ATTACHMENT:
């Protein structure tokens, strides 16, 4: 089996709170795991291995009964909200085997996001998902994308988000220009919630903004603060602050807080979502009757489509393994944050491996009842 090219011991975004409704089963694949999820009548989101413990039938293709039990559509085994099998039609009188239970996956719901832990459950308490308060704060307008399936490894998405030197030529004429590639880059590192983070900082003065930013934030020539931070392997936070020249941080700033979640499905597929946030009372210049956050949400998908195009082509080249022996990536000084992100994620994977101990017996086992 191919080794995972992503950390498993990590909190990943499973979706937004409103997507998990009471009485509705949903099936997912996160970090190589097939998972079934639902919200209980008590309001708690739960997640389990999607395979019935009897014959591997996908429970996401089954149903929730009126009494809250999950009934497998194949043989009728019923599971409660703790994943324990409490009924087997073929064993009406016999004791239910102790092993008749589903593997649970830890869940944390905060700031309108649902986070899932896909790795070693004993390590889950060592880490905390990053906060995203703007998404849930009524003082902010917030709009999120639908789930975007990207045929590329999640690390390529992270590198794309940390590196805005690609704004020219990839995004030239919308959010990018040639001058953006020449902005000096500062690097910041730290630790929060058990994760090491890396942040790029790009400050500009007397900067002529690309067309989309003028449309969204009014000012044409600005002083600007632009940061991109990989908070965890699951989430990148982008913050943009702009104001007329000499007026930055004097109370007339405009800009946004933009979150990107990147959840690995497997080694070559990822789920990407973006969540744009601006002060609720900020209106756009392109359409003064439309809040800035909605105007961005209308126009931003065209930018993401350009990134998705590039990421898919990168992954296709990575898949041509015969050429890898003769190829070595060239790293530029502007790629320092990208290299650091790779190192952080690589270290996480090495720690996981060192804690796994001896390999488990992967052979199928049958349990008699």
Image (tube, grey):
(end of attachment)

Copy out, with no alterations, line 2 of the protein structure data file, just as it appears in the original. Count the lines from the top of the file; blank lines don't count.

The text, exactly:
Image (tube, grey):